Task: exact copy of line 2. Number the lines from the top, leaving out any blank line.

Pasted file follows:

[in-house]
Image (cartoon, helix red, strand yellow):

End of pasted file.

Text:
Image (cartoon, helix red, strand yellow):